Soup

The kitchen is warm, and white
and filled with huge eyes and hungry
hearts. They’ve given me a metal ladle
and I scoop stew into bowls
for a quiet fragile woman
and her coatless daughter
who grins at me minus two front teeth
(did the tooth fairy come?)
and I smile, want to say hello
silently admonish my woolly tongue,
which won’t loose
and there’s such a fullness in my chest
I feel it will spill out into this giant pot of broth
and vegetables and beef
a health code violation, to be certain
and I fear I will be fired before I’ve begun.

A shadow of a man holds his bowl
in both hands, jaw set tight, gaze sure
as if he honestly prefers
this joint to the 5-star
down the street. I am unaware
of my own
disembodied limbs as I dip out his share,
avoid his stare
wondering at what has put me on this side
of the table, and him on the other.

They come, empty
and I fill only bowls
feeling it is not enough
knowing these souls
and hearts
and minds
ache, hollow.

I ladle, and hold my breath
and then my shift is over and I
pull my scarf tight
and go

home,
less

sure of who I am
than ever before.

 

I have not returned.

 

 

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19 Responses to Soup

  1. whimsygizmo says:

    Written for the Sunday Whirl weekly Wordle. Find the words here, and play along:
    http://sundaywhirl.wordpress.com/2012/03/04/wordle-46/

  2. brenda w says:

    De, you’ve painted a vivid picture. Lives intersect and sometimes that’s all they do. But the intersections count. I appreciate the server’s self-questioning…how did they end up where they ended up. This is an engaging read.

  3. Moving stuff. I like how each stanza diminishes, stripping away the trappings of the setting to the core emotions of the piece. (But then, those trappings are well-painted, and the Wordle words are expertly folded in.) Totally different from the last one for this Wordle I read. 🙂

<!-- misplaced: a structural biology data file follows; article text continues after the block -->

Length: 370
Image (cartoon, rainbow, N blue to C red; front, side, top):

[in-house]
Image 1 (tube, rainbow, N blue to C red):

4. De, I love the last three stanzas. Ties up the poem quite nicely.

    Pamela

  5. Your way of saying without saying working perfectly for this piece in particular. Ending especially punchy and proving. Very good, De!

  6. Hard to click “Like,” but I did. This experience resonates, as I have been on both sides of that line. The idea of your very heart busting open into that soup kettle, then concerns on the health code violations… a well-thought-out, poignant piece, De. Glad to read you here. Peace, Amy
    http://sharplittlepencil.com/2012/03/04/thing-205/

  7. Wow! I’m holding my breath and all choked up. This is very sincere. And crazy-good!

  8. pmwanken says:

    De, this was especially poignant to me today — I attended the “Empty Bowls” fundraiser for the local soup kitchen/shelter…an excellent piece!!

  9. Laurie Kolp says:

    Working in a soup kitchen can be very humbling and you’ve demonstrated this in your piece… love it, De.

    http://lkharris-kolp.blogspot.com/2012/03/imagination-catching-wind.html

  10. great job with the wordle. sad, though.
    Best, M.

  11. markwindham says:

    Very good. All the emotions, visuals…a lot here. ‘only fill their bowls’, so true.

  12. Sincerity just shines throughout this poem. Volunteering really does change who we are. Very nice!

  13. De, an eye-opener of a poem.

  14. Lindy Lee says:

    Sad facts well written…

  15. Jamie Dedes says:

    I think this might be one of my faves of the day. I commented in the comments section under your post of this poem, de. Well done … everything well done and entirely fitting. Thank you!

  16. ManicDdaily says:

    Very vivid and very easy to relate to. Wonderful honest and subtle at once. Thanks. k.

  17. Shawna says:

    This is incredible. I especially like the double meaning in “my shift is over.”

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